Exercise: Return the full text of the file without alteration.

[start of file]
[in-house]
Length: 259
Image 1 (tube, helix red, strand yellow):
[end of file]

[in-house]
Length: 259
Image 1 (tube, helix red, strand yellow):